Distributed System

Last Updated: February 5, 2018

Definition - What does Distributed System mean?

A distributed system is a network that consists of autonomous computers that are connected using a distribution middleware. They help in sharing different resources and capabilities to provide users with a single and integrated coherent network.

Techopedia explains Distributed System

The key features of a distributed system are:

  • Components in the system are concurrent. A distributed system allows resource sharing, including software by systems connected to the network at the same time.
  • There can be multiple components, but they will generally be autonomous in nature.
  • A global clock is not required in a distributed system. The systems can be spread across different geographies.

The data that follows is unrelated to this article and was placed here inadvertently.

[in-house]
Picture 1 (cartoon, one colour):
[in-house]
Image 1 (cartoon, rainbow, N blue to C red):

• Compared to other network models, there is greater fault tolerance in a distributed model.
  • Price/performance ratio is much better.

The key goals of a distributed system include:

  • Transparency: Achieving the image of a single system image without concealing the details of the location, access, migration, concurrency, failure, relocation, persistence and resources to the users
  • Openness: Making the network easier to configure and modify
  • Reliability: Compared to a single system, a distributed system should be highly capable of being secure, consistent and have a high capability of masking errors.
  • Performance: Compared to other models, distributed models are expected to give a much-wanted boost to performance.
  • Scalability: Distributed systems should be scalable with respect to geography, administration or size.

Challenges for distributed systems include:

  • Security is a big challenge in a distributed environment, especially when using public networks.
  • Fault tolerance could be tough when the distributed model is built based on unreliable components.
  • Coordination and resource sharing can be difficult if proper protocols or policies are not in place.
  • Process knowledge should be put in place for the administrators and users of the distributed model.
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